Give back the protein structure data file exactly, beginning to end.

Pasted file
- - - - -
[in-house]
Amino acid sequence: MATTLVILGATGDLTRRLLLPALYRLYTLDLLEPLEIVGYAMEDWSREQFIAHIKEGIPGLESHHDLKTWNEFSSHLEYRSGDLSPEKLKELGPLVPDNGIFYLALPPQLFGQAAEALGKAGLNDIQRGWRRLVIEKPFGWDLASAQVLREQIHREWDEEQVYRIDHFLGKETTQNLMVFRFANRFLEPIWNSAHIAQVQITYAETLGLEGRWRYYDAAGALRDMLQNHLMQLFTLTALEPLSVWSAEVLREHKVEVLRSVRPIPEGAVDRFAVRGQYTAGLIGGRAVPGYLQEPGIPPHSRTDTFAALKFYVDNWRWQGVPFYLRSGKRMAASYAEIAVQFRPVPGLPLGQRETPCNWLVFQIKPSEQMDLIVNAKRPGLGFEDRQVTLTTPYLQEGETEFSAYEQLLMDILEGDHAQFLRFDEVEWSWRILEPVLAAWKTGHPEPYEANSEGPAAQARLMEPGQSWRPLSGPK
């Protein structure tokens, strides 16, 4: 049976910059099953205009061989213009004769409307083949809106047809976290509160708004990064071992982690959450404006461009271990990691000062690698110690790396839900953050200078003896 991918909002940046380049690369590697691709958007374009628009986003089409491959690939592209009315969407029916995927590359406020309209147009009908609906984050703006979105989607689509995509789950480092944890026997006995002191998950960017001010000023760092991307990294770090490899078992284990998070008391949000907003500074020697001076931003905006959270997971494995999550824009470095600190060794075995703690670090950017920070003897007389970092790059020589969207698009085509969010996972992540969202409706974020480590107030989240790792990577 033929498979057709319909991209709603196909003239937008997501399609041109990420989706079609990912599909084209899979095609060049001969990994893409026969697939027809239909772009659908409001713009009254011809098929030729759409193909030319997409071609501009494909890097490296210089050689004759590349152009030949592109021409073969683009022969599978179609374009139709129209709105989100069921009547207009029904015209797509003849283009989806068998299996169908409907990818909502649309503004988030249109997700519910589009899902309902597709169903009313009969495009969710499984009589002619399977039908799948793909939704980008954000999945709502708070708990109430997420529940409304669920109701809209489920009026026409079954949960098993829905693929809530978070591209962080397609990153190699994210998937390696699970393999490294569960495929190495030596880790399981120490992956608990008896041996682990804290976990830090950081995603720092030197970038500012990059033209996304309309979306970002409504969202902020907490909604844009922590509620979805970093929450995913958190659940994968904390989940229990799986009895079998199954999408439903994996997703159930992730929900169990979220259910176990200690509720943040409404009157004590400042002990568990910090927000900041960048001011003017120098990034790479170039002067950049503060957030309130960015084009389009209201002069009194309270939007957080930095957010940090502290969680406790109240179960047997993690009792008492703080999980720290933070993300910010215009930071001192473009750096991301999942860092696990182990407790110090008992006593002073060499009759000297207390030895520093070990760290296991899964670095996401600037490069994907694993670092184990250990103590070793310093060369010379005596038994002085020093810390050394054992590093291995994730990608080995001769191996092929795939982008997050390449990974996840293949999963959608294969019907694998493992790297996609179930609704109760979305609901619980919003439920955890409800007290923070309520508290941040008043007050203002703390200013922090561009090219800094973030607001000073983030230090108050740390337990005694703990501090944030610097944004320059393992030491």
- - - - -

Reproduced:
[in-house]
Amino acid sequence: MATTLVILGATGDLTRRLLLPALYRLYTLDLLEPLEIVGYAMEDWSREQFIAHIKEGIPGLESHHDLKTWNEFSSHLEYRSGDLSPEKLKELGPLVPDNGIFYLALPPQLFGQAAEALGKAGLNDIQRGWRRLVIEKPFGWDLASAQVLREQIHREWDEEQVYRIDHFLGKETTQNLMVFRFANRFLEPIWNSAHIAQVQITYAETLGLEGRWRYYDAAGALRDMLQNHLMQLFTLTALEPLSVWSAEVLREHKVEVLRSVRPIPEGAVDRFAVRGQYTAGLIGGRAVPGYLQEPGIPPHSRTDTFAALKFYVDNWRWQGVPFYLRSGKRMAASYAEIAVQFRPVPGLPLGQRETPCNWLVFQIKPSEQMDLIVNAKRPGLGFEDRQVTLTTPYLQEGETEFSAYEQLLMDILEGDHAQFLRFDEVEWSWRILEPVLAAWKTGHPEPYEANSEGPAAQARLMEPGQSWRPLSGPK
């Protein structure tokens, strides 16, 4: 049976910059099953205009061989213009004769409307083949809106047809976290509160708004990064071992982690959450404006461009271990990691000062690698110690790396839900953050200078003896 991918909002940046380049690369590697691709958007374009628009986003089409491959690939592209009315969407029916995927590359406020309209147009009908609906984050703006979105989607689509995509789950480092944890026997006995002191998950960017001010000023760092991307990294770090490899078992284990998070008391949000907003500074020697001076931003905006959270997971494995999550824009470095600190060794075995703690670090950017920070003897007389970092790059020589969207698009085509969010996972992540969202409706974020480590107030989240790792990577 033929498979057709319909991209709603196909003239937008997501399609041109990420989706079609990912599909084209899979095609060049001969990994893409026969697939027809239909772009659908409001713009009254011809098929030729759409193909030319997409071609501009494909890097490296210089050689004759590349152009030949592109021409073969683009022969599978179609374009139709129209709105989100069921009547207009029904015209797509003849283009989806068998299996169908409907990818909502649309503004988030249109997700519910589009899902309902597709169903009313009969495009969710499984009589002619399977039908799948793909939704980008954000999945709502708070708990109430997420529940409304669920109701809209489920009026026409079954949960098993829905693929809530978070591209962080397609990153190699994210998937390696699970393999490294569960495929190495030596880790399981120490992956608990008896041996682990804290976990830090950081995603720092030197970038500012990059033209996304309309979306970002409504969202902020907490909604844009922590509620979805970093929450995913958190659940994968904390989940229990799986009895079998199954999408439903994996997703159930992730929900169990979220259910176990200690509720943040409404009157004590400042002990568990910090927000900041960048001011003017120098990034790479170039002067950049503060957030309130960015084009389009209201002069009194309270939007957080930095957010940090502290969680406790109240179960047997993690009792008492703080999980720290933070993300910010215009930071001192473009750096991301999942860092696990182990407790110090008992006593002073060499009759000297207390030895520093070990760290296991899964670095996401600037490069994907694993670092184990250990103590070793310093060369010379005596038994002085020093810390050394054992590093291995994730990608080995001769191996092929795939982008997050390449990974996840293949999963959608294969019907694998493992790297996609179930609704109760979305609901619980919003439920955890409800007290923070309520508290941040008043007050203002703390200013922090561009090219800094973030607001000073983030230090108050740390337990005694703990501090944030610097944004320059393992030491």